July 14: Bastille Day truck massacre

July 17: Three police officers assassinated in Baton Rouge

The world is two gladiators killing each other for eternity; Facebook, the Roman crowd. Meanwhile the midwestern heat fornicating with the thick humidity rankles up the skin. I am in Indiana in June, July, swiping my screen, pulling weeds, running hot in swampy heat, shouting “you idiot!” at the monitor because I’m voting not-Republican in a red state, in a mostly conservative Christian Republican community. I am the aforementioned Pitta that the Chopra center speaks of. The fire is everywhere at the moment. I’m still waiting on the transformation.

But in its place are a few principles that I’ve found make this steamy, aggravating, even murderous time of year more manageable. I give these with the humility that comes from not following my own suggestions very well, but knowing that when I do, my life is better. If you are lucky enough to not be a ragey person, use these suggestions to whatever extent they help you.

  1. If you like to run, cycle, or in other ways exercise outdoors, get up in the morning before the sun bakes all your irritations up to a steamy boil. Also, give yourself an end time, and try to workout in the shade, or at least in a green space. Hydrate, hydrate, hydrate too. Coconut water is a great alternative to sports drinks.
  2. Speaking of green spaces, try to spend a little more time around plants and trees. Work, exercise, or read here around as many green things as possible. Perhaps try to do some actual gardening, whether it is pulling weeds from a flower bed, working in a local garden, or planting a few seeds in a pot on your apartment’s balcony.  Dig your shovel in the earth, turning over the soil, turning up the roots you don’t want. It’s satisfying. It also keeps you off  social media (see Number 5, below). Whatever you do, attempt to do this early in the morning before the sun is baking on your shoulders and your brain cooks in a stew of wrathful juices. garden
  3.  Keep the inside of your living space as cool and uncluttered as possible. This means take regular time to tidy up, and then take a little bit of time to make the inside of your living space soothing. It might mean bringing in cut flowers, keeping a potted plant alive, or investing in an oil diffuser and some essential oils (full disclosure: doTerra might be a cult but I love them), and moisturizing with a cooling oil like coconut oil.
  1. Dive into a pool. Or a lake, or a river, preferably a clean one, and swim laps. Let the water hold you up like a cradle that is always rocking. Rock with it, rhythmic, steady. The pitta and vata doshas benefit from the steady rhythm and breathing of swimming, while Kapha doshas benefit from the movement. All of the doshas can also benefit from being outside; if you are lucky enough to have an outdoor swimming area, you can gain in two ways at once.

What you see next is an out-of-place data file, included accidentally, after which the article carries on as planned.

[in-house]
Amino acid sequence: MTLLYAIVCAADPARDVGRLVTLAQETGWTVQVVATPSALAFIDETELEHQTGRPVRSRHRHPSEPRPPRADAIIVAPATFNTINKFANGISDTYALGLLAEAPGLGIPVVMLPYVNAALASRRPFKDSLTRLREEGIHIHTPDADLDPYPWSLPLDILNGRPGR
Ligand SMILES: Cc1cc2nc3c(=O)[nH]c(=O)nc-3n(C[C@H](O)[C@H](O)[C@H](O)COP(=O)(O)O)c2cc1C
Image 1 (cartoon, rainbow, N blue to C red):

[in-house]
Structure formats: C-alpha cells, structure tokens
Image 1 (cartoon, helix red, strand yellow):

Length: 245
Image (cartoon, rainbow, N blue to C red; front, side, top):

2. Eat to stay cool. Instead of throwing heavy, sugary pasta, brownies, wine, and spicy food on top of an already fiery system, try adding salad, yogurt, cucumbers, mint and cilantro to your meals to cool things down. This might mean paying attention to your body and asking yourself, “what do I need now?”
  3. Shut off the news; close your laptop; ignore the social media updates on your phone; resist posting another meme or a snappy comeback. Put limits on your social media, especially when the news is terrible and the online perspectives worse. You are not cable news. You are a human who has to live in a world with other humans. Try questions instead. Try listening.
  4. Practice siesta. This might seem counterintuitive given the public campaign to get more Westerners moving, but we have to live a life in balance. If you are a person who runs in circles all day (raising guilty hand now) intentionally set aside time in the hottest part of the day to do some seated work. Write, read, type, grade online essays. Whatever it is you need to do, take a break.
  5. But also make time to move. If you are the type of person who is slumped on the couch more often than not, get up. Go for a walk outside. Walking in the morning or evening will be the most calming. If you practice yoga, consider trying Ashtanga, which while vigorous, also brings a steady breathing practice as well as seated postures, or yin yoga, which is a very gentle practice of long, deep stretches. Vinyasa flows are great for purging some of the pent-up angst that Pittas often feel, but be careful that you don’t just stoke the fire more. Take time to cool things down too with seated stretches and gentle inversions.
  6. Breathe deeper.  Nadi shodhana (alternate nostril breathing) cools down the brain and the body as well as clearing the nostrils. Sit in a comfortable position on a chair, a cushion, or on the floor. Close your eyes. Hold your right ring finger over your left nostril, and your right thumb over your right nostril. Close one nostril and inhale through the open nostril. Close both. Open the other nostril and exhale. Close both nostrils. Inhale through the nostril you just used, and continue repeating this process for three to five minutes.
  7. Then, meditate. This is hard when your brain is on fire, which is why doing breathing exercises first can be helpful.  Sit in a quiet place in a comfortable position–usually crossed-legs works best. Set a time for a short amount of time at first–five or ten minutes is plenty. Shut your eyes and try to breathe quietly, and try to stay there for the whole time. This is how meditation starts. Admittedly, when everything is terrible, it’s hard to sit quietly and not think. Guided meditations can definitely help. So can metta meditation or gratitude meditation, largely because they ask us to take the focus away from ourselves and our frustrations and outwards to others and our blessings.

As I write this, I’m afraid to look at the news again today. The world is so self-destructive, as I am too, and I know my tendencies towards extremes, like hours of exercise and housework followed by hours on social media, with no hours left for taking care of my mind and soul. However, becoming more aware of my own tendencies has actually caused me to judge myself less for them. Understanding has led me to more patience with myself, which eventually turns into more patience with others, even on social media. Does world peace really start with ourselves? Can we actually be the change we want to see? Was Hellen Keller right when she said, “Although the world is full of suffering, it is also full of the overcoming of it”? I’m tentatively asking myself to believe it.

gap of dunloe